by Master Gardener Tammy Borden
The vase sat on my desk holding a few hosta leaves and only a single flower. But as coworkers passed by, each one couldn’t help but comment. “What is that? I’ve never seen one of those before. It’s gorgeous,” one person exclaimed. Another stopped in their tracks. “Is that a flower? It’s huge! It looks like something from outer space!”
The single flower stood out on its own and didn’t need an entire bouquet to make a statement. Why? The flower head measured nearly a foot wide and resembled a floral fireworks display.
It was an Allium. Not just any Allium, but a Christophii Star of Persia. As oohs and ahs continued, I heard someone say, “Oh, I could never grow something that exotic. I can’t grow anything.” I asked if they had tulips or daffodils in their yard and they said, “Yes, that’s about the only thing I can grow because I don’t have to do anything with those. They just come up every year on their own.” “Well then,” I said. “You have the qualifications for growing Alliums.” When I began explaining that a package of five bulbs that produced the beautiful stems of starlike florets were purchased for under $10 from a local home improvement store and planted last fall, they found it hard to believe.
Not only are they beautiful in a bouquet, but they make a bold statement in the garden. When in full bloom, Alliums are always the first flowers to get noticed by guests who visit. Even after they have bloomed and their color fades, the dried flower heads still add interest and texture. It is nearly fall, yet I still have the dried heads of several varieties of Allium dotted throughout my landscape, even though some bloomed as early as May.
Like tulips, the strap-like foliage of Alliums pushes through the cold earth early in spring. Unlike tulips, however, deer and other critters will shy away! Most are hardy to zone 3 or 4, but check individual varieties to be sure. When planting Alliums in your garden, try to position them behind low growing plants or garden sculptures because the foliage fades quickly once the flowers bloom. Once the foliage has turned completely brown you can remove it, but allow green foliage to remain so it can provide nutrients for next year’s bloom.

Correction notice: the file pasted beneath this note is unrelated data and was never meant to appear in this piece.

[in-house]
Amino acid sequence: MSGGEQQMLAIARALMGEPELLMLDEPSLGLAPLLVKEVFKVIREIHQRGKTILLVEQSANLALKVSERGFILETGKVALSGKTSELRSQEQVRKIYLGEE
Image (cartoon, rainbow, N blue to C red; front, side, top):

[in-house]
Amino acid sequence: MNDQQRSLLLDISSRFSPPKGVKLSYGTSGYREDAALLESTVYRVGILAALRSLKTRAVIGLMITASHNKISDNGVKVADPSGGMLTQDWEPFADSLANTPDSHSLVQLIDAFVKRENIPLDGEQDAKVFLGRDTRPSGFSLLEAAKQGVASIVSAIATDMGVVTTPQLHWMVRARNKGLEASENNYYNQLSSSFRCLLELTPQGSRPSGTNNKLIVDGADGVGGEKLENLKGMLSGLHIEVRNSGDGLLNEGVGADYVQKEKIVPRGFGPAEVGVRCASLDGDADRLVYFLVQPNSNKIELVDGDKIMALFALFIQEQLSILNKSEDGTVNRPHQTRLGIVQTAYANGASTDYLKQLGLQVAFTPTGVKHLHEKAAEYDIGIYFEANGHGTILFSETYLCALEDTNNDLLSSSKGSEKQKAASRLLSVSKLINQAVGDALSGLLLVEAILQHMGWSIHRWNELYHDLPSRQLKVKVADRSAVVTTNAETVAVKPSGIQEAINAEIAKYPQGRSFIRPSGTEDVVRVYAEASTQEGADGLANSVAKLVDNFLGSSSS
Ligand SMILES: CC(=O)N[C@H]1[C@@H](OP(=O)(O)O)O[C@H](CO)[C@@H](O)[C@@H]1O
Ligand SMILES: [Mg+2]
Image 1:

When planting Allium, follow the same routine you would with other spring flowering bulbs. In fall, select a site that will receive full to part sun. Dig your hole three times the dimension of the bulb. Note: bulbs can vary from as small as an acorn to as large as a baseball. The package should also give an indication of planting depth. Add some organic matter to the hole, and if you choose, you may also add some bulb fertilizer. Like other bulbs, Alliums don’t like wet feet, so provide good drainage. Plant the bulb pointy side up, cover with dirt, water, and wait until spring!
Most Alliums will tower to three feet or more, so they add beautiful vertical interest to your garden. Plant in groups of 3 or more. With the larger varieties, a group of only three bulbs properly placed can stop traffic. The flower heads are actually made up of hundreds of tiny star-like flowers that when clustered together, form a stunning display. They are considered an ornamental onion, related to garlic and chives. There are nearly 400 hundred varieties of Allium to choose from, each with different flower forms, color, size and bloom time. Here are the top five favorites from my garden, which are readily available:
Allium christophii ‘Star of Persia’
The huge wispy volleyball-sized flower heads stand atop 2’ stems. Silvery purple flowers. Blooms in mid to late May.
Allium sphaerocephalon ‘Drumstick’ Intensely deep purple 11⁄2” compact flowers atop thin, sturdy 30” stems. Blooms late June to early July. Inexpensive and makes a great display. Beautiful in bouquets.
Allium aflatunense ‘Purple Sensation’
Deep rosy purple blooms the size of a softball. Sturdy 30-36” stems. This is among the only Alliums I recommend dead-heading because of its tendency to reseed itself, producing hundreds of seedlings next spring that generally do not develop into viable plants. One of the earliest to bloom.
Large, densely packed florets form a silvery purple flower head 8-10” across. Many consider this the best of all Alliums for its impressive display. Stands 30-36” tall. Highly sought after and a little more expensive than those noted above, but worth a spot in your garden.
Allium ‘Mount Everest’
White 4” flowers top 3-4’ stems and bloom in late May and early June. The white blooms contrast beautifully with other purple varieties.